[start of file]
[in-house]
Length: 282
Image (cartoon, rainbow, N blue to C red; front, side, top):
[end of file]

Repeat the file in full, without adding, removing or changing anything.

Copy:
[in-house]
Length: 282
Image (cartoon, rainbow, N blue to C red; front, side, top):